A firm believer in education and especially supportive of HBCU’s, Ms. Thomas remained a faithful financial contributor of Spelman College. As an alumna, she attended numerous homecoming celebrations including her 65th , 70th , and 75th graduation anniversaries. She also regularly contributed to Voorhees College in memory of her brother, John Taylor. Prior to the deterioration of her health, Ms. Thomas was actively involved in many other worthwhile community organizations. Among them included: Board Member of Colors United of Milledgeville, member of the Old Capitol Kiwanis Club, member of the Allied Arts Board, Salvation Army Board of Directors, and Learning in Retirement. As reflected above, her admission to Chaplinwood did not end her service to others. Additionally, while at Chaplinwood, Ms. Thomas served as president of the Chaplinwood resident council. During her tenure, her responsibilities included serving as the chair for monthly meetings with the other residents and presenting their collective concerns to the administration for consideration and resolution. During her life, Ms. Thomas received numerous awards and recognitions. She received the Flagg Social Justice Legacy Award in 2009. This award is presented annually by Georgia College and State University’s Commission on Diversity and the Office of Institutional Equity and Diversity to an individual who has worked to create a more inclusive Middle Georgia Community. She was also recognized in relation to her work on the GMC board of trustees, Milledgeville-Baldwin County Race relations, Habitat for Humanity, Southern Christian Leadership Conference, NAACP, and Lee’s Chapel CME church. In December of 2016, the Democratic Party of Central Georgia honored Ms. Thomas with the Drum Major for Freedom and Justice Award. In January 2017, the 100 Black Men of Middle Georgia presented Ms. Thomas with the Woman of the Year Award during the annual program recognizing Dr. Martin Luther King. In March 2020, the middle Ga Fisk Alumni Association recognized her as a Middle Georgia Legend and presented her the Leontine ESPY Award of Excellence. This was her last outing before the pandemic necessitated travel cease. Last but definitely not least, Ms. Thomas was a proud member of Alpha Kappa Alpha Sorority, Inc. She was initiated into Alpha Kappa Alpha Sorority, Inc.- Alpha Omega Chapter in 1947 in Cleveland, Ohio. She remained an active member in Ohio until she retired and moved to Georgia and became a member of Epsilon Omega Omega. She truly loved her sorority and regularly attended local, regional, and international conferences. In 2007, the sorority’s regional leadership recognized for her years of service as graduate advisor on the campus of Georgia College & amp; State University. She was affectionately dubbed her as the “Dean of Graduate Advisors”. In 2010, Epsilon Omega Omega established a scholarship in her honor and each year undergraduates at both Georgia College & amp; State University and Mercer University are awarded monetary funds in her honor. Ms. Thomas became a Life Member of Alpha Kappa Alpha Sorority, Inc. in Dec 2012. Even during her residency at Chaplinwood, she regularly attended chapter meetings, cluster conferences, joint founders’ day celebrations, and chapter special events such as fundraisers, scholarship showcases, and special memorial services for deceased members. In 2017, Alpha Kappa Alpha Sorority, Inc. – Cluster V presented Ms. Thomas with the Angela M. Williams Humanitarian Award. In 2020, she was also recognized by Alpha Kappa Alpha Sorority, Inc as a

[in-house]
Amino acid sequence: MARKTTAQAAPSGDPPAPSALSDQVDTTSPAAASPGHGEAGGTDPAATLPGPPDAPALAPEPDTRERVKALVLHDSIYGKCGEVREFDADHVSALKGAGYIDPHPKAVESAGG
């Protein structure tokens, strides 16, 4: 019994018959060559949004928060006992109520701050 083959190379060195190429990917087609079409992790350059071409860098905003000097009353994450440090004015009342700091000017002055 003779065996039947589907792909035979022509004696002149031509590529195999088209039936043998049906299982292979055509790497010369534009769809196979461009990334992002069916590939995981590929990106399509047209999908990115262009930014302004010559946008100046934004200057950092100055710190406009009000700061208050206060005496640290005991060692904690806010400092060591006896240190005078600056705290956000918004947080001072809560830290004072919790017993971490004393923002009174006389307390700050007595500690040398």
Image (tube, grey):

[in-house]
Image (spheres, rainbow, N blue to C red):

Pearl Soror for having 65+ years of service. At her death, she had served the sorority for 73 years.